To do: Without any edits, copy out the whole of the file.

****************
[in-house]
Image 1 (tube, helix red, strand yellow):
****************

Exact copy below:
[in-house]
Image 1 (tube, helix red, strand yellow):